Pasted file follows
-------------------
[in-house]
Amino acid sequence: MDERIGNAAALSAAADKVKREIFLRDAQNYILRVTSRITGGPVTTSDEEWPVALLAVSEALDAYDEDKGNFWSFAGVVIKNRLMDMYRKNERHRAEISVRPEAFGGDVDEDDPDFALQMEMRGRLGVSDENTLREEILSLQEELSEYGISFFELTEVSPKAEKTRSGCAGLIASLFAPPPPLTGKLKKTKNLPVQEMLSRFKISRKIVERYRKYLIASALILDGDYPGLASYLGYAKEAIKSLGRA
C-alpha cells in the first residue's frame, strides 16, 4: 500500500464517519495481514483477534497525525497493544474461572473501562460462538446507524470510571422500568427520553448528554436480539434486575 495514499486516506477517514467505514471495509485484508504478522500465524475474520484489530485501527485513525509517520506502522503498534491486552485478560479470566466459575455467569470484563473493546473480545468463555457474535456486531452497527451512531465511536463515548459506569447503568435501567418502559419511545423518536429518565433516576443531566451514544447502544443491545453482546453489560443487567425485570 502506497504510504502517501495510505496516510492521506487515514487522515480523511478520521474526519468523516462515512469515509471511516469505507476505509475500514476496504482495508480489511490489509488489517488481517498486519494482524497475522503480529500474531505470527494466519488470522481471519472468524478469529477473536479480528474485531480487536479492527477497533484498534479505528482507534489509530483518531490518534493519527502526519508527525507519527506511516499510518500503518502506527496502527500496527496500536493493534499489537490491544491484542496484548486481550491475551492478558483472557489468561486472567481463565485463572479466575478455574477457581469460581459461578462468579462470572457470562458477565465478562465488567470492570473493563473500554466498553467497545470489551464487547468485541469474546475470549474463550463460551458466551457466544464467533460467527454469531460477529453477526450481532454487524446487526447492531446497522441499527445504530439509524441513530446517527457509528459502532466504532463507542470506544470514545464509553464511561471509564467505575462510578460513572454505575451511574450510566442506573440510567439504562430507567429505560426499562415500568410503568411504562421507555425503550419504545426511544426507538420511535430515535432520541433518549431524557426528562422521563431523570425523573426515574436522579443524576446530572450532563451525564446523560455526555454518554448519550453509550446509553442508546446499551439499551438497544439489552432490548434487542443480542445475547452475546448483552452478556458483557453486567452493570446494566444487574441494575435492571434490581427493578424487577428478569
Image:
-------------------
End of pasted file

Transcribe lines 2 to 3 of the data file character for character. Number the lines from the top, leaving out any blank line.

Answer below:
Amino acid sequence: MDERIGNAAALSAAADKVKREIFLRDAQNYILRVTSRITGGPVTTSDEEWPVALLAVSEALDAYDEDKGNFWSFAGVVIKNRLMDMYRKNERHRAEISVRPEAFGGDVDEDDPDFALQMEMRGRLGVSDENTLREEILSLQEELSEYGISFFELTEVSPKAEKTRSGCAGLIASLFAPPPPLTGKLKKTKNLPVQEMLSRFKISRKIVERYRKYLIASALILDGDYPGLASYLGYAKEAIKSLGRA
C-alpha cells in the first residue's frame, strides 16, 4: 500500500464517519495481514483477534497525525497493544474461572473501562460462538446507524470510571422500568427520553448528554436480539434486575 495514499486516506477517514467505514471495509485484508504478522500465524475474520484489530485501527485513525509517520506502522503498534491486552485478560479470566466459575455467569470484563473493546473480545468463555457474535456486531452497527451512531465511536463515548459506569447503568435501567418502559419511545423518536429518565433516576443531566451514544447502544443491545453482546453489560443487567425485570 502506497504510504502517501495510505496516510492521506487515514487522515480523511478520521474526519468523516462515512469515509471511516469505507476505509475500514476496504482495508480489511490489509488489517488481517498486519494482524497475522503480529500474531505470527494466519488470522481471519472468524478469529477473536479480528474485531480487536479492527477497533484498534479505528482507534489509530483518531490518534493519527502526519508527525507519527506511516499510518500503518502506527496502527500496527496500536493493534499489537490491544491484542496484548486481550491475551492478558483472557489468561486472567481463565485463572479466575478455574477457581469460581459461578462468579462470572457470562458477565465478562465488567470492570473493563473500554466498553467497545470489551464487547468485541469474546475470549474463550463460551458466551457466544464467533460467527454469531460477529453477526450481532454487524446487526447492531446497522441499527445504530439509524441513530446517527457509528459502532466504532463507542470506544470514545464509553464511561471509564467505575462510578460513572454505575451511574450510566442506573440510567439504562430507567429505560426499562415500568410503568411504562421507555425503550419504545426511544426507538420511535430515535432520541433518549431524557426528562422521563431523570425523573426515574436522579443524576446530572450532563451525564446523560455526555454518554448519550453509550446509553442508546446499551439499551438497544439489552432490548434487542443480542445475547452475546448483552452478556458483557453486567452493570446494566444487574441494575435492571434490581427493578424487577428478569